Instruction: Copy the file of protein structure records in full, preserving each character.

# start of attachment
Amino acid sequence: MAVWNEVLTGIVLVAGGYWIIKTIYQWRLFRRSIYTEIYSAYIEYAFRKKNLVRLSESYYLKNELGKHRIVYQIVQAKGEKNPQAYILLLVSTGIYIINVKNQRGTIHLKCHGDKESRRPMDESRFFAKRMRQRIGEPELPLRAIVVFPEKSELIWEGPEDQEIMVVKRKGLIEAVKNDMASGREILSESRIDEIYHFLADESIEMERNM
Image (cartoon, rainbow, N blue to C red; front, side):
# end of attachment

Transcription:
Amino acid sequence: MAVWNEVLTGIVLVAGGYWIIKTIYQWRLFRRSIYTEIYSAYIEYAFRKKNLVRLSESYYLKNELGKHRIVYQIVQAKGEKNPQAYILLLVSTGIYIINVKNQRGTIHLKCHGDKESRRPMDESRFFAKRMRQRIGEPELPLRAIVVFPEKSELIWEGPEDQEIMVVKRKGLIEAVKNDMASGREILSESRIDEIYHFLADESIEMERNM
Image (cartoon, rainbow, N blue to C red; front, side):